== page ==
New Oral Treatment May Help Migraines

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Irish Company Allergan has entered into an agreement to acquire worldwide rights to Merck’s oral calcitonin gene-related peptide receptor antagonists, which are being tested in order to treat and prevent migraines.

Allergan will get the rights for a payment of $250 million upfront, $125 million paid after HSR clearance, and $125 million paid next April. The selling company, Merck, will also be able to receive development and/or commercial milestone bonuses, in addition to tiered double-digit royalties on the commercialization of products and programs.

The deal leaves Allergan with complete responsibility of the programs’ development, manufacturing, and commercialization once approval is received. They gain the rights to two programs from Merck. One is MK-1602, which is an oral molecule which provides treatment for migraines. A study on this product is scheduled for 2016. The other program is MK-8031, which still needs to go through two phases in 2016 before being approved.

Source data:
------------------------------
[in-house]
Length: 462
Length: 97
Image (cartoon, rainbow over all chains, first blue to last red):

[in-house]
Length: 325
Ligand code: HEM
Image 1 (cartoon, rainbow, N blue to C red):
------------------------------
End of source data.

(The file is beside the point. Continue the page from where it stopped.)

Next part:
Previous runs of these projects have been unsuccessful due to raised levels of liver toxicity during patient trials.

“The agreement to acquire exclusive worldwide rights to Merck’s CGRP migraine development program builds on our existing strength in neurosciences and helps position Allergan as a potential leader in the acute treatment of migraine and prevention of migraine for millions of patients,” said David Nicholson, Executive Vice President, Global Brands Research and Development at Allergan.

Migraines, which affect much of the population, and are characterized by intense pain in the head that can last from four to 72 hours. Canadians, who are already spending an average of $12 billion in dental services each year, are excited to see a product that can help with migraines, whose side effects could render someone unable to go to work or school for a day. 2016 will be the deciding year for these products.

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